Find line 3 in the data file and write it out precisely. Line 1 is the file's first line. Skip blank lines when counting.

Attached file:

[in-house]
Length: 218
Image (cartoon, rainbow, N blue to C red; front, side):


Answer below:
Image (cartoon, rainbow, N blue to C red; front, side):